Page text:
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  • Writer's pictureGabriel San Roman

Slingshot: Santa Ana Police Union Solicits Vote of No Confidence Against Chief

Embattled Santa Ana police chief David Valentin is now facing a potential vote of no confidence from his rank-and-file officers. It's the latest tiff in the drama-filled department between its top cop and the Santa Ana Police Officers Association.

The union sent its members a memo, obtained by Chispa, outlining a laundry list of grievances, including a willingness by the chief to fulfil a public records request by an activist for all personnel file headshot photographs of officers.

"This was unprecedented and many contacted board representatives asking about a vote of no confidence," the memo reads. "It is abundantly clear, from the recent management assessment and by so many that have voiced their concerns that the morale at the police department has worsened to near unrecoverable levels."

Allowing the records request to be fulfilled would have amounted to a failure to "protect" officers and their families, according to the union memo. The activist originally sought them following viral video of a fight in downtown Santa Ana that allegedly involved off-duty Santa Ana PD officers.

The management assessment referenced in the memo also found 70 percent of survey respondents reporting a "culture of selective discipline and favoritism" under Valentin.

The Police Officers Association (POA) is headed by Gerry Serrano, who was newly re-elected to his post and has butted heads with past police chiefs. Previous top cop Carlos Rojas sued the city on the grounds that ex-mayor Miguel Pulido and the police union boss conspired to oust him. The lawsuit alleged that Serrano retaliated against Rojas for discipling officers by hatching election schemes where union support was leveraged with a pledge by candidates to boot the chief.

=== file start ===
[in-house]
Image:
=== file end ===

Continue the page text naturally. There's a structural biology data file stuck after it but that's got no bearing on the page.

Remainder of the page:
As for Serrano and Valentin? Reports surfaced earlier this year in Voice of OC about a 2018 memo where the current chief questioned Serrano's time off cash out requests and referred to a 2017 cash out for 312 hours as an "anomaly."

But just last year, a union quarterly tried to put to rest rumors that it sought to oust Valentin, Rojas' successor, as well.

"Truth is the chief has led our department in the right direction in collaboration with the Association, which functions as your advocate," read the uncredited commentary. "We work together even when we are on opposite sides of an issue. Times are good. For anyone that is not happy these days, then sadly, you will probably never be satisfied."

My, what a difference a year makes!

The memo now begrudges Valentin for allegedly not willing to "collaborate or communicate" with the police union at all, grounds for a no confidence vote alone in their opinion. Other gripes include the fulfillment of another records request, this time the release of Internal Affairs documents to Voice of OC, which are disclosable under certain provision of SB 1421 but was blasted by the union as being "illegal."